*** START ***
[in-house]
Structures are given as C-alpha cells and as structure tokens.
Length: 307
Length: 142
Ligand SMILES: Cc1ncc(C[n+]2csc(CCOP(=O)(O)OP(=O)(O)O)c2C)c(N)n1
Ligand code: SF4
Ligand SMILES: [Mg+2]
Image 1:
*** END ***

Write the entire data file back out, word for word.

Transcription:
[in-house]
Structures are given as C-alpha cells and as structure tokens.
Length: 307
Length: 142
Ligand SMILES: Cc1ncc(C[n+]2csc(CCOP(=O)(O)OP(=O)(O)O)c2C)c(N)n1
Ligand code: SF4
Ligand SMILES: [Mg+2]
Image 1: